It looks like the US Attorney's office is sticking its nose into the business dealings of hip-hop mogul Jay-Z and former U.S. Congressman Reverend Floyd Flake's Aqueduct Entertainment Group (AEG). The two were recently awarded the winning bid to contract and operate 4,000 video slot machines at the Aqueduct Race Track in Queens, New York. Allegations are being made that the two only received the winning bid due to their relationships with Governor Paterson, who is accused of awarding the contract to AEG in order to gain political support from the company's investors.

Jay and AEG supposedly bid much less then rivals, offering the least amount of money and financial details while also making unrealistic financial projections. Another prominent figure in hip-hop, Russell Simmons, wound up on a losing team, acting as an advisor to Penn Gaming, who also put in a bid for the Aqueduct Race Track. It was reported that AEG's winning bid totaled in the $200 million vicinity for the license while competitors offered upwards of $300 million, including bonus incentives. All three men were reportedly subpoenaed yesterday (Mar. 2) by the Inspector General's office, which is working with the US Attorney's office in this matter. At press time Gov. Paterson and AEG have denied all allegations.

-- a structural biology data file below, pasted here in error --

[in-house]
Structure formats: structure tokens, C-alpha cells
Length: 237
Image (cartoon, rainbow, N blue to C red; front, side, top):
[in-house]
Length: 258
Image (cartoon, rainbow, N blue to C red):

"People should focus on the community development, rather than the personalities of people involved," Rev. Flake said in a statement. "If the media frenzy drives the development process, then all of the good that could be born out of this possibility will be precipitously lost. From my 30-plus years as a developer in this community, I can tell you that media innuendo does not build projects; strong leaders and solid, well-financed ideas build projects. Aqueduct has the potential to use racing as a Trojan horse -- if you will -- to deliver on a long-elusive and sustainable goal of a new private sector driver of the local economy. To a great extent this reality is part of the rationale for my involvement."